3.      VA Decision To Pay Iraq Veteran’s Private Hospital Bill Noted.   WKYC-TV Cleveland, OH (3/28) reports, "He had served two tours of duty in Iraq, then endured 13 surgeries after his leg was injured in an AED blast back in 2006. Then the real shock came. ‘I didn’t want to lose my leg to some bureaucratic mess,’ says Erik Roberts, an Army staff sergeant who got a $3,000 bill for a surgery he underwent early this year. ‘I didn’t know you’re expected to pay for your own wounds, but that’s how it felt. ‘When the VA hospital failed to conduct tests on my infected leg, then gave me antibiotics to treat it, I realized I needed to do more.’ He went to the ER where they

concluded his leg was badly infected and he needed surgery. ‘Since the VA wasn’t going to help with this, I went for private coverage at Vanderbilt University Hospital.’ This winter, as he was recovering, the bill came and the VA wasn’t going to handle it. That is, until this week when Senator Sherrod Brown and CNN applied some pressure, and the VA caved. In a statement to CNN, the VA said, ‘The VA will be paying the bill.’"

4.      General Uses Personal Tragedy To Combat Upswing In Military Suicides.   The Wall Street Journal (3/28, Dreazen) reports from Fort Carson, Colorado: "Maj. Gen. Mark Graham is on the frontlines of the Army’s struggle to stop its soldiers from killing themselves. Through a series of novel experiments, the 32-year military veteran has turned his sprawling base here into a suicide-prevention laboratory. One reason: Fort Carson has seen nine suicides in the past 15 months. Another: Six years ago, a 21-year-old ROTC cadet at the University of Kentucky killed himself in the apartment he shared with his brother and sister. He was Kevin Graham, Gen. Graham’s youngest son. After Kevin’s suicide in 2003, Gen. Graham says he showed few outward signs of mourning and refused all invitations to speak about the death. It was a familiar response within a military still uncomfortable discussing suicide and its repercussions."

5.      16 Patients Infected By Contaminated Equipment At VA Facilities.   The AP (3/28, Poovey) reports, "Viral infections, including hepatitis, have been found in 16 patients exposed to contaminated equipment at Veterans Affairs medical facilities, a department spokeswoman said Friday. So far, 10 colonoscopy patients from the VA medical center in Murfreesboro, Tenn., have tested positive for hepatitis, VA spokeswoman Katie Roberts told The Associated Press. In a later e-mail, she reported six patients at the VA’s ear, nose and throat clinic in Augusta, Ga, tested positive for unspecified viral infections. The number of reported infections could rise. More than 10,000 veterans were warned to get blood tests because they could have been exposed to contamination at those two facilities plus a medical center in Miami. All three sites failed to properly sterilize equipment between treatments, and the problems dated back for more than five years at the Murfreesboro and Miami hospitals. Roberts said the department doesn’t yet have results from most of the veterans it warned." The AP goes on to report, "The VA’s inspector general office has started a review, spokeswoman Joanne Moffett said Friday. According to a VA e-mail, only about half of the Murfreesboro and Augusta patients notified by letter of a mistake that exposed them to ‘potentially infectious fluids’ have requested department blood tests. Some veterans said they decided to seek tests from their private physicians, rather than the VA."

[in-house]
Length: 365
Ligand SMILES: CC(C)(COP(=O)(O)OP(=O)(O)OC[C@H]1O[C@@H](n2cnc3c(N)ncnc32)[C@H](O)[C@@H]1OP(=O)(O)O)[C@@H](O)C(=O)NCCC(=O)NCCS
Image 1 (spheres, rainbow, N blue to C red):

The (3/28, Tasker) reports, "Colonoscopies have been suspended at the Miami Veterans Affairs hospital where thousands of veterans may have been exposed to hepatitis or HIV because equipment used in the procedures was not properly sanitized. … In Miami, the equipment was rinsed after each use, rather than sterilized as required by the manufacturer."